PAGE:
Schools in Wales are in danger of being left behind when it comes to digital education, experts have warned.
Changes to the curriculum in England will make it mandatory for primary and secondary school pupils to study computing and coding from September.
But a similar plan will not be introduced in schools in Wales for at least four years.
Welsh government advisor Dr Tom Crick said the delay would leave students here disadvantaged.
The Welsh government is currently carrying out a review of the curriculum which, among other subjects, will consider a report on the future of ICT education in Wales, co-written by Dr Crick.
But its findings will not be implemented for several years and Dr Crick said that could mean a generation of children could be left without vital skills.
"This is a global issue - not just about our competitiveness for Wales," he said.
"We're looking at our competitiveness against other countries who have already made these significant changes and very clear declarations about how they see computing education being very, very important."
Tom Kelly, chairman of the Welsh government's ICT sector panel, said without the necessary IT skills, people in Wales could miss out on jobs in the future.
"There will be people coming from outside Wales into Wales who have got the competencies and the skills to be able to fill the jobs in Wales which, in reality should be filled by people in Wales," he said.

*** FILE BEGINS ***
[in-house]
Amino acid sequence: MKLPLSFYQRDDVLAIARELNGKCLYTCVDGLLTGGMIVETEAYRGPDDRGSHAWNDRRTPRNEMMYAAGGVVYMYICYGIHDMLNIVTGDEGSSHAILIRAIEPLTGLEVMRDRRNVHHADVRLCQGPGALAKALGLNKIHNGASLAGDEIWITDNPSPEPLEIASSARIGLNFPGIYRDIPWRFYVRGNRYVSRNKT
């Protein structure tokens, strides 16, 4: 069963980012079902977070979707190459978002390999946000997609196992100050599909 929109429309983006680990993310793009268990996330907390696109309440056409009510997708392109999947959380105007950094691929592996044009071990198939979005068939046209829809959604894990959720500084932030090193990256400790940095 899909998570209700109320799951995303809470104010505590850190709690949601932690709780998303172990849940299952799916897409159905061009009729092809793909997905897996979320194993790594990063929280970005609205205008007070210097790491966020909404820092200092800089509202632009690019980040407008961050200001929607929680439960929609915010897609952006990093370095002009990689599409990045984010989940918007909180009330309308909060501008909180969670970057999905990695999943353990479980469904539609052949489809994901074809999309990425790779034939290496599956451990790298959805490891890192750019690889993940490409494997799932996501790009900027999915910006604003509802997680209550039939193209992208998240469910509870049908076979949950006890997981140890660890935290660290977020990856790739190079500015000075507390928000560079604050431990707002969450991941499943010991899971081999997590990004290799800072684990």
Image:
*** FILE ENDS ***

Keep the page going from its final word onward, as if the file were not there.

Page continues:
He is also angry the Welsh government has delayed implementing the recommendations set out by last year's ICT review.
Many schools in Wales already teach computer coding and programming but as it is not part of the curriculum, teachers can sometimes struggle with some aspects of it.
'Closing poverty gap'
Former head teacher Simon Pridham has advised the Welsh government on how using computing and programming can lead to better results in literacy and numeracy.
He now runs a company promoting the use of technology in schools and is frustrated things are not moving fast enough.
"Not everybody will want to be a coder or a programmer, and not everybody will want to move into a technology-led industry," he said.
"However, the skills that those three areas actually develop would benefit your numeracy, your literacy, and they'll also hit the government's key priority of closing the poverty gap."
A Welsh government spokesperson said digital literacy would be a vital element in informing its curriculum review and work to develop a teaching framework for it was under way.
"To be clear - we're not marginalising digital literacy, we're mainstreaming it," the spokesperson added.